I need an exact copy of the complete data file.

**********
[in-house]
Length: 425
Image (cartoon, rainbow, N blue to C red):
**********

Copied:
[in-house]
Length: 425
Image (cartoon, rainbow, N blue to C red):